E. Well played!
time limit per test
1 second
memory limit per test
256 megabytes
standard input
standard output

Recently Max has got himself into popular CCG "BrainStone". As "BrainStone" is a pretty intellectual game, Max has to solve numerous hard problems during the gameplay. Here is one of them:

Max owns n creatures, i-th of them can be described with two numbers — its health hpi and its damage dmgi. Max also has two types of spells in stock:

  1. Doubles health of the creature (hpi := hpi·2);
  2. Assigns value of health of the creature to its damage (dmgi := hpi).

Spell of first type can be used no more than a times in total, of the second type — no more than b times in total. Spell can be used on a certain creature multiple times. Spells can be used in arbitrary order. It isn't necessary to use all the spells.

Max is really busy preparing for his final exams, so he asks you to determine what is the maximal total damage of all creatures he can achieve if he uses spells in most optimal way.


The first line contains three integers n, a, b (1 ≤ n ≤ 2·105, 0 ≤ a ≤ 20, 0 ≤ b ≤ 2·105) — the number of creatures, spells of the first type and spells of the second type, respectively.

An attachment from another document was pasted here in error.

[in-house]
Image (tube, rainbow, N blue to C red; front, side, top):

The i-th of the next n lines contain two number hpi and dmgi (1 ≤ hpi, dmgi ≤ 109) — description of the i-th creature.


Print single integer — maximum total damage creatures can deal.

2 1 1
10 15
6 1
3 0 3
10 8
7 11
5 2

In the first example Max should use the spell of the first type on the second creature, then the spell of the second type on the same creature. Then total damage will be equal to 15 + 6·2 = 27.

In the second example Max should use the spell of the second type on the first creature, then the spell of the second type on the third creature. Total damage will be equal to 10 + 11 + 5 = 26.